The Colloquium focused on the question of violence and its many different forms of manifestation in the public sphere, which were analyzed by the participants according to their own theoretical interests. Many expositors stressed Arendt’s contributions to the understanding of the phenomenon of contemporary violence in the context of mass societies, where public interest for the common shared world of stable political institutions has decayed with the ascension and promotion of the private and vital interests of the animal laborans, Arendt’s well known notion to define man as a laboring-consuming living being. The main consequences of this change are the contemporary distrust for politics as well as the increasing of the dangerous subordination of politics to economic rules and international stock-market impositions and threats. These transformations of the public sphere also imply a change in the nature of violence, which ceases to be an instrumental medium to achieve definite goals to become a constitutive element of political relations, especially when political interests are widely understood in terms of the preservation and the increase of the vital interests of the animal laborans of certain developed countries. It is under these harsh circumstances that Arendt’s animal laborans begins to convert itself into that historical figure that Giorgio Agamben has defined as the “bare life” of the homo sacer, a theme that I have addressed in my own contribution. Other conferences also paid attention to Arendt’s analysis of totalitarianism and the Eichmann case, assessing those subjects in their political, juridical and ethical implications. Arendt’s analysis of totalitarian regimes challenges us to think and rethink the political, since they have inflicted contemporary public life with a disastrous inheritance. We live in a post-totalitarian world, but many of those social and political elements that once crystallized in totalitarianism are still alive in our present, such as the increasing superfluity of human masses with no common interest, no citizenship and no social occupation allowing them to retain their own dignity and to have a place of their own in the world. Another fundamental problem discussed by Arendt and retained by many expositors is the overshadowing of the public sphere in late modernity. The decadence of the public sphere as the political space for free association, action and the exchange of opinions becomes undeniable when it is invaded by sheer violence or by the machinations of political lobbies and cliques, i.e., by many forms of invisible government. The persistence of totalitarian elements in democratic regimes, the massification of culture and the rebirth of social movements inspired by dangerous, reactive political passions, such as hatred, envy or compassion, these are evident examples that the risks of new totalitarian configurations are not gone forever. The recent events of September 11th and the consequent changes in the US foreign policy were also discussed from the standpoints of political science and of international law, and these reflections also enforced the understanding that the “dark times” once denounced by Arendt still constitute our political legacy.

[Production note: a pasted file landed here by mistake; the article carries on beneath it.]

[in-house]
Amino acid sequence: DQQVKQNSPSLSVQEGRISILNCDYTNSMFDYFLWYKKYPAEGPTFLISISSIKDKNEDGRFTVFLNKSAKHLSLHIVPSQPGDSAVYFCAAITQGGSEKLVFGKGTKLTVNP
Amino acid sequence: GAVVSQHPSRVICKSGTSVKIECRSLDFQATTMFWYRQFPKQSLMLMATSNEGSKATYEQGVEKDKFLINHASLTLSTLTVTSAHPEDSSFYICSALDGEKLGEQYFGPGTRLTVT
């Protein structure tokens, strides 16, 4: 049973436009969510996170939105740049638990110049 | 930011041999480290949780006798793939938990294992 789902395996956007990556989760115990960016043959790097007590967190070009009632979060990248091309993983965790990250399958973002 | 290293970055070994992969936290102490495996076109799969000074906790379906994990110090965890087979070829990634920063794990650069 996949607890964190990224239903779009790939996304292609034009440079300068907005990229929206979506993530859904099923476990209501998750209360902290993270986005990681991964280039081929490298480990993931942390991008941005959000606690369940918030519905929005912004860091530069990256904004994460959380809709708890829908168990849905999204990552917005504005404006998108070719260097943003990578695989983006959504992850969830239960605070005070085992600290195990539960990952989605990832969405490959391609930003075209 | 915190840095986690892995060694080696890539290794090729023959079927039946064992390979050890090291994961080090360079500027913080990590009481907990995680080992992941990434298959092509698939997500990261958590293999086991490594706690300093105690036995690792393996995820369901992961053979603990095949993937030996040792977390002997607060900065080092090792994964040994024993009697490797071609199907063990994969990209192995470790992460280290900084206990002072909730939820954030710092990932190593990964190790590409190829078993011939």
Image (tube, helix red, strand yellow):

Another theme of debate was Arendt’s discussions concerning the role of emotions and sentiments in the political domain and in political analysis. Historian Pierre Ansart, for instance, stressed the accuracy, actuality and relevance of Arendt’s methodological utilization of a variety of different research data in The Origins of Totalitarianism, a work in which sentiments and emotions are captured by means of her utilization of biographical, literary and poetic sources carefully accommodated amidst a huge amass of more traditional sources concerning economic and political changes which allowed Totalitarianism to arise in its Nazi and Stalinist forms. Finally, there were also philosophical approaches to Arendt’s thinking which discussed her theoretical deconstruction of political philosophy, both inspired and directed against Heidegger’s philosophy, among other themes.